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Anna Scott

Oct 02, 2012

I’ve said it before and I’ll say it again—roasted garlic has the most heavenly aroma! I love broccoli rabe and I love roasted garlic, so I was excited to combine the two in this easy recipe. I halved the amount of broccoli rabe since I was cooking for just 2 of us, but I roasted the entire head of garlic. I recommend that you go ahead and roast 2 heads even if you follow the rabe serving size in the recipe. I’ve never separated the individual cloves from the head of garlic before roasting, but I like this method. This makes it easier to squeeze the garlic out once it’s roasted. When I blanched the broccoli rabe I used about a 1/2 cup of water, not a 1/4 cup as recommended. I strained the broccoli rabe and yes, I did rinse it off with cold water to help stop the cooking process. I love this method of cooking this vegetable! Sautéing it in oil with the garlic and red pepper flakes really gives a delicious flavor to this bitter green. I’d recommend watching how much you salt the broccoli rabe…a pinch will do just fine in my opinion. We had this on the side with a Greek-style pizza and it was a fabulous combination.

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Kate H. Knapp

Oct 02, 2012

By roasting the garlic first, this recipe is elevated to a new level in side dishes. The rich, almost sinful flavor of the roasted garlic melds perfectly with the fresh, leafy taste of broccoli rabe. The addition of red pepper flakes adds a nice contrast and a bit of zing to the sweet garlic. The amount of oil, however, is a bit much, especially when the additional oil is added from the garlic. Cutting back this amount will help keep the dish tasting light and fresh. Salt is a crucial element at the end, and tasting while seasoning is highly encouraged.

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Kristen Kennedy

Oct 02, 2012

This is excellent (and I don’t particularly like broccoli rabe) because of the simple preparation and, of course, the roasted garlic. The technique used to roast the garlic is ideal—separating the cloves before roasting ensures easy and thorough removal of the garlic from the peel. I’ll never go back to roasting an intact head of garlic again! The broccoli rabe doesn’t need to be shocked in cold water to maintain its vivid green color (although the leaves are darker than the stems). I used the optional red pepper flakes and I don’t feel it overpowered the dish; it simply gave it some kick.

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Karen Taylor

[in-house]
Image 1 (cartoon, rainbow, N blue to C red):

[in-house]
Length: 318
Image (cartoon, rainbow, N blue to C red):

Oct 02, 2012

This is one of those recipes that you don’t really need a recipe for, except it serves the purpose of reminding you that it’s a delicious dish that needs to be made often. I had no problem with the instructions and found the broccoli rabe kept its vibrant green color even after the final quick sauté, although I was careful to not overcook it.

A tip for those with a toaster oven: I roasted the garlic in my toaster oven to keep from heating the whole house up. It took the full 40 minutes to get everything nice and soft. I’ll say that I prefer roasting whole heads of garlic—chop off the top “hat” to expose the cloves, place the head in a ramekin or in the center of a large piece of foil, drizzle with a generous amount of olive oil, pepper, and salt, cover with foil, and roast. Let the garlic head cool a bit and then just squeeze to get the softened cloves to come out from the cut end of the head. Much quicker and less work than this method.

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Cindy Zaiffdeen

Oct 02, 2012

This recipe is so easy and flavorful. I usually roast my garlic whole, but was interested to see how it’d turn out by roasting individual cloves. It’s fantastic and less messy and I believe also less wasteful when you can squeeze the roasted garlic out 1 clove at a time rather than trying to squeeze the whole head. I’d recommend using large cloves of garlic, as the smaller cloves were a bit overdone. Rather than boiling the flavor out of the rabe, I steamed it instead in a skillet with a lesser amount of water. It took about 5 minutes but this way all the flavor and nutrition stays within the vegetable. I then followed the recipe exactly as written, adding a big pinch of red pepper flakes. Fantastic! I’ll definitely make this recipe again and again!

Testers Choice
Joel Jenkins

Oct 02, 2012

This is a delicious variation for cooking broccoli rabe. I typically prefer to keep it crisp tender and season it simply with a little sea salt. The sweet addition of roasted garlic adds another dimension to this dish. I would defintely add the red pepper flakes. If you prefer a more mild flavor, just decrease the amount. I feel as though the pepper is necessary to cut some of the garlic oil flavor. Personally, for ease of use, I would cut the top off the garlic head and roast it whole. In the end, you get the same result, and you can squeeze the garlic all at once instead of individual cloves.


Comments
Comments
  1. Emily Teel says:

    This looks absolutely delicious, and in Philly we *know* broccoli rabe.

    • Renee Schettler Rossi says:

      No argument there, Emily. Thanks for chiming in. Curious to hear what you think of the recipe after making it….